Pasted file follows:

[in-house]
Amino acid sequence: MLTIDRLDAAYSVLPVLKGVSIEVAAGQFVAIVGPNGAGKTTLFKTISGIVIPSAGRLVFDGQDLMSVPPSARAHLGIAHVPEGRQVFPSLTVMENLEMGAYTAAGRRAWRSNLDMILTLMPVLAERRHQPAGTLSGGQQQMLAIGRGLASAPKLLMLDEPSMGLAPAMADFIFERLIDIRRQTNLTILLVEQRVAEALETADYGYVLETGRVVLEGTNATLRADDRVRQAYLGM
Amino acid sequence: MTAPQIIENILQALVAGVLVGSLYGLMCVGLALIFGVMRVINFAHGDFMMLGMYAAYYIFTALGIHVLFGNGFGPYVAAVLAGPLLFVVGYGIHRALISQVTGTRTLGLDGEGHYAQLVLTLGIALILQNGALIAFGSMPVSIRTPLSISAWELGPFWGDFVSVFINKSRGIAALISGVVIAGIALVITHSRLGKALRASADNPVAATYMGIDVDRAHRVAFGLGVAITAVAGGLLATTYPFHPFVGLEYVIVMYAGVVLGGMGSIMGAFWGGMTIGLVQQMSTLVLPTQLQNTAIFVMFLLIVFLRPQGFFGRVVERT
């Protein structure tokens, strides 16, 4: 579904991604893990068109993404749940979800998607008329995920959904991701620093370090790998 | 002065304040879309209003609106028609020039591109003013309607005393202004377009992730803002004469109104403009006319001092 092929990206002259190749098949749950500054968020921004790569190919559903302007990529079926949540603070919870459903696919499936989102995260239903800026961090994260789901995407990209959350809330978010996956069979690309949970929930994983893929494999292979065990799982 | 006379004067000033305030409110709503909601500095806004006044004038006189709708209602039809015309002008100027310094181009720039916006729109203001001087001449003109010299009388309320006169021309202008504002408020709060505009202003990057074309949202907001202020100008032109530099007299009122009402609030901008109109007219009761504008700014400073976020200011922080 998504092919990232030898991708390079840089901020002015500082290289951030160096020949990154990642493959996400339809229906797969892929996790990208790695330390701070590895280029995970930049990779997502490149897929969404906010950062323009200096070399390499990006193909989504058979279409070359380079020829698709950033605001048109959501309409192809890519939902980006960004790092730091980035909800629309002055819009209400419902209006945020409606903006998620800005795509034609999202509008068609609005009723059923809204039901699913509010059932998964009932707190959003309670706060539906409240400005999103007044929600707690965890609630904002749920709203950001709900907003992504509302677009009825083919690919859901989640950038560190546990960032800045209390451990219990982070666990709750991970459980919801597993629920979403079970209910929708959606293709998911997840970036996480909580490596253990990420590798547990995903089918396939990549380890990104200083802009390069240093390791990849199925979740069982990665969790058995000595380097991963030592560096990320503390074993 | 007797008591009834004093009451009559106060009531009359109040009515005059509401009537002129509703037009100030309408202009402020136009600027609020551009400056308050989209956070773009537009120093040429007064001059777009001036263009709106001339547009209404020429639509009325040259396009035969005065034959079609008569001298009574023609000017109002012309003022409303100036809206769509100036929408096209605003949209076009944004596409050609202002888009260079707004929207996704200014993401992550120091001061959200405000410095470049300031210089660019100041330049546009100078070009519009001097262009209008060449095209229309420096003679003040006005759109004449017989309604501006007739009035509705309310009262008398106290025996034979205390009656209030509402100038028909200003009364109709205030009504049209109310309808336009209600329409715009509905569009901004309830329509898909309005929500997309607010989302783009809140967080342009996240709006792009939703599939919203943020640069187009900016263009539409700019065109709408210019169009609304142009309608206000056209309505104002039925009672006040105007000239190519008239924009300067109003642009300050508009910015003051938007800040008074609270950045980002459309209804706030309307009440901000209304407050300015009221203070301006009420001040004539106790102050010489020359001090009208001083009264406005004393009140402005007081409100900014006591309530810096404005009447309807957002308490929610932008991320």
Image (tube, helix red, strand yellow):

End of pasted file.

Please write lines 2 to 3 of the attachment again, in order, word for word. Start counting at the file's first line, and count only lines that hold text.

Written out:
Amino acid sequence: MLTIDRLDAAYSVLPVLKGVSIEVAAGQFVAIVGPNGAGKTTLFKTISGIVIPSAGRLVFDGQDLMSVPPSARAHLGIAHVPEGRQVFPSLTVMENLEMGAYTAAGRRAWRSNLDMILTLMPVLAERRHQPAGTLSGGQQQMLAIGRGLASAPKLLMLDEPSMGLAPAMADFIFERLIDIRRQTNLTILLVEQRVAEALETADYGYVLETGRVVLEGTNATLRADDRVRQAYLGM
Amino acid sequence: MTAPQIIENILQALVAGVLVGSLYGLMCVGLALIFGVMRVINFAHGDFMMLGMYAAYYIFTALGIHVLFGNGFGPYVAAVLAGPLLFVVGYGIHRALISQVTGTRTLGLDGEGHYAQLVLTLGIALILQNGALIAFGSMPVSIRTPLSISAWELGPFWGDFVSVFINKSRGIAALISGVVIAGIALVITHSRLGKALRASADNPVAATYMGIDVDRAHRVAFGLGVAITAVAGGLLATTYPFHPFVGLEYVIVMYAGVVLGGMGSIMGAFWGGMTIGLVQQMSTLVLPTQLQNTAIFVMFLLIVFLRPQGFFGRVVERT